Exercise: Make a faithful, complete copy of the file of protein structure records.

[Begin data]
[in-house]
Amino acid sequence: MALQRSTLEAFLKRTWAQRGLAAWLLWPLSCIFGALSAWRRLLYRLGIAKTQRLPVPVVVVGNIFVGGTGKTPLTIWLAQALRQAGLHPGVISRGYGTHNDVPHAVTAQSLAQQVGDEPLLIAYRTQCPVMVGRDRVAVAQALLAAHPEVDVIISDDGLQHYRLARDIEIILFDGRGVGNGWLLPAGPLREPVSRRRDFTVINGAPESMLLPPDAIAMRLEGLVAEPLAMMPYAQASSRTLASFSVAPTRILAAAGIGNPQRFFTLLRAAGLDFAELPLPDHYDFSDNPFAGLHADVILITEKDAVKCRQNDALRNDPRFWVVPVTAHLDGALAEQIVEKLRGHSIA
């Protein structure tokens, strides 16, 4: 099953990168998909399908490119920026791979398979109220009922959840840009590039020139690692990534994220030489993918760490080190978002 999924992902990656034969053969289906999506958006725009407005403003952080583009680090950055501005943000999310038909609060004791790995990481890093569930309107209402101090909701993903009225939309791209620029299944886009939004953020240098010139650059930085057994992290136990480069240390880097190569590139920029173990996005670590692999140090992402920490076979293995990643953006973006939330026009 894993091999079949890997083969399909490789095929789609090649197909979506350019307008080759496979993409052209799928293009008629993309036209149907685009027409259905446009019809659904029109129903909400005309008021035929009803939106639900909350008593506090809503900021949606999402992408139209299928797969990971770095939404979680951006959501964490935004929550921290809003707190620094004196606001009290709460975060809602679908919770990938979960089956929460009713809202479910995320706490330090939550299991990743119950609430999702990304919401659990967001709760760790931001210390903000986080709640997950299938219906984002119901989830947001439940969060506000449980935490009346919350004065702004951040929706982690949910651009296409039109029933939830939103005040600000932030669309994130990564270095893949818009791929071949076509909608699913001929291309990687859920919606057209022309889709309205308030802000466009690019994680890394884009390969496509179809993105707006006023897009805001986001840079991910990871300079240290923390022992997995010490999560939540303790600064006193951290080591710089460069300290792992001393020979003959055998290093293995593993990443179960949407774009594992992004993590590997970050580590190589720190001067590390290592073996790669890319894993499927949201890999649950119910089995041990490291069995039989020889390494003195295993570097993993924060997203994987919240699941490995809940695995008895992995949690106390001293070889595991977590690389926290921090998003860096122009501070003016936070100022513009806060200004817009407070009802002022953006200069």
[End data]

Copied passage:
[in-house]
Amino acid sequence: MALQRSTLEAFLKRTWAQRGLAAWLLWPLSCIFGALSAWRRLLYRLGIAKTQRLPVPVVVVGNIFVGGTGKTPLTIWLAQALRQAGLHPGVISRGYGTHNDVPHAVTAQSLAQQVGDEPLLIAYRTQCPVMVGRDRVAVAQALLAAHPEVDVIISDDGLQHYRLARDIEIILFDGRGVGNGWLLPAGPLREPVSRRRDFTVINGAPESMLLPPDAIAMRLEGLVAEPLAMMPYAQASSRTLASFSVAPTRILAAAGIGNPQRFFTLLRAAGLDFAELPLPDHYDFSDNPFAGLHADVILITEKDAVKCRQNDALRNDPRFWVVPVTAHLDGALAEQIVEKLRGHSIA
């Protein structure tokens, strides 16, 4: 099953990168998909399908490119920026791979398979109220009922959840840009590039020139690692990534994220030489993918760490080190978002 999924992902990656034969053969289906999506958006725009407005403003952080583009680090950055501005943000999310038909609060004791790995990481890093569930309107209402101090909701993903009225939309791209620029299944886009939004953020240098010139650059930085057994992290136990480069240390880097190569590139920029173990996005670590692999140090992402920490076979293995990643953006973006939330026009 894993091999079949890997083969399909490789095929789609090649197909979506350019307008080759496979993409052209799928293009008629993309036209149907685009027409259905446009019809659904029109129903909400005309008021035929009803939106639900909350008593506090809503900021949606999402992408139209299928797969990971770095939404979680951006959501964490935004929550921290809003707190620094004196606001009290709460975060809602679908919770990938979960089956929460009713809202479910995320706490330090939550299991990743119950609430999702990304919401659990967001709760760790931001210390903000986080709640997950299938219906984002119901989830947001439940969060506000449980935490009346919350004065702004951040929706982690949910651009296409039109029933939830939103005040600000932030669309994130990564270095893949818009791929071949076509909608699913001929291309990687859920919606057209022309889709309205308030802000466009690019994680890394884009390969496509179809993105707006006023897009805001986001840079991910990871300079240290923390022992997995010490999560939540303790600064006193951290080591710089460069300290792992001393020979003959055998290093293995593993990443179960949407774009594992992004993590590997970050580590190589720190001067590390290592073996790669890319894993499927949201890999649950119910089995041990490291069995039989020889390494003195295993570097993993924060997203994987919240699941490995809940695995008895992995949690106390001293070889595991977590690389926290921090998003860096122009501070003016936070100022513009806060200004817009407070009802002022953006200069």